Last week, just ahead of the failed “Unite the Right” rally in Washington, Fox News commentator Laura Ingraham spewed some venomous anti-immigrant statements. She said that “in major parts of the country, it does seem that the America we know and love doesn’t exist anymore. Massive demographic changes have been foisted on the American people and they’re changes that none of us ever voted for and most of us don’t like.”
Plenty of people lined up to criticize Ingraham, and rightly so. But I wonder how many would have similarly criticized this statement:
In about a decade, the Arabs between the Jordan and the Mediterranean will be a majority and the Jews a minority. The Jewish national home will become the Palestinian national home. We will be again, for the first time since 1948, a Jewish minority in an Arab state. I want to separate from the Palestinians. I want to keep a Jewish state with a Jewish majority. I don’t want 61 Palestinian MKs in Israel’s Knesset. I don’t want a Palestinian prime minister in Israel. I don’t want them to change my flag and my national anthem. I don’t want them to change the name of my country to Isra-stine.
Those remarks were made in June 2015, at the annual Herzliya Conference in Israel. Who made them? Benjamin Netanyahu? Or perhaps one of the far-right figures in his government such as Ayelet Shaked, Miri Regev, Avigdor Lieberman, or Naftali Bennett?
No, those words were uttered by Isaac Herzog, who was, at the time, the opposition leader and chair of the Labor Party, the largest part of Zionist Union coalition. He was the leader of the center-left in Israel. Notably, his words drew little attention. Laura Ingraham would wish for such indifference. Read more at Lobe Log
Today, I have some news to share with you: the Foundation for Middle East Peace now has a new website!
For decades, FMEP has been at the forefront of Israel and Palestine advocacy. With the launch of our new website, the organization’s online presence now takes on a 2015 look and approach to technology and social media integration.
We have been working on this project for months and couldn’t be more excited about the end result. The new site is designed to optimize user experience, curate the latest news and resources and provide easily-accessible information about the key issues of the conflict and ideas for a peaceful resolution. Continue reading
The photo you see to the left was found by Jewish Voice for Peace on the Facebook page (since removed) of a group that named itself
“Hating Arabs Isn’t revenge–it’s values.” Hashtag reads Israel Demands Revenge!”
“Am Yisrael Doreshet Nekama,” in English, “The People of Israel Demand Revenge.” The hashtag on the sign is similar, though with an important difference–the word “Am” is removed and it is “Israel Demands Revenge.”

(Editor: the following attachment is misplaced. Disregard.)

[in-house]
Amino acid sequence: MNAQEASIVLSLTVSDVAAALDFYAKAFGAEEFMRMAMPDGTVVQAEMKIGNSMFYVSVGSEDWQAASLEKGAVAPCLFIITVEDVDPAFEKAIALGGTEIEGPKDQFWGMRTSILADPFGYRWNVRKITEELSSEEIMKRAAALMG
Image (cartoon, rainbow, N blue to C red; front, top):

The photo has since gone viral, though not as its creators may have hoped. It has become a Twitter and Facebook symbol for Israeli racism. For me, personally, it is important that the hashtag removes the word “Am” because “Am Yisrael” commonly means the Jewish People, while “Israel” alone more commonly refers to the country.
But what’s really important that people understand in the image is the driving force behind Israeli policy. Yes, these girls or young women may not yet even be old enough to vote or to serve in the IDF. But it doesn’t take a very hard look to understand that they are not fanatical settlers. These are not orthodox young women, and just judging by their appearance and dress (which, it should be noted, is not conclusive), they are probably quite secular, mainstream Israelis, very much of the Tel Aviv culture. Continue reading
My latest piece at LobeLog reviews the failure of virtually all of Benjamin Netanyahu’s objectives during his trip to the United States last week. I strongly recommend it.
I hope to have something up on LobeLog later today about the spasm of violence in Gaza and Southern Israel. Here’s a hint: I don’t think it is what it seems to be.
My latest report for Inter Press Service, this one is about a new poll commissioned by pollster Shibley Telhami. The poll examines American attitudes in the event of the failure of a two-state solution. The results may surprise many.
A small group of Israelis put this video together. Says it so well…
Obama thank you for supporting our Apartheid state
“How can the Jews, of all people do this?”
The West Bank Separation wall, covered with graffiti
I hear this too often when discussing the dispossession and occupation of the Palestinian people. It’s a tiresome line. Sure, I understand that on the surface this seems a reasonable question. But one doesn’t have to look very far to see that it isn’t.
Oppression and suffering don’t necessarily lead to a greater sensitivity to these things. We see this on a personal level, as well as on a larger scale. The victim of child abuse may well grow up to become an abuser. The victim of sexual abuse may also react to such an experience by repeating it on someone else. Many such people do not repeat the cycle, but many do.
Similarly, some large groups of people face discrimination and then bring it to others. Puritans faced discrimination in Europe, came to “the New World” and visited worse upon the native population, on slaves, and as time went on, on various other ethnic groups. Power changed hands at different times in Eastern Europe, and discrimination against one group or another continued to flourish. Shi’a have faced great discrimination in the Muslim world, and this has not brought about an egalitarian government in Iran. Hutus were once the majority treated like a minority in Rwanda. The Nazis rose to prominence on the strength of wounded German pride after years of economic deprivation in the wake of the First World War. The examples are legion. Continue reading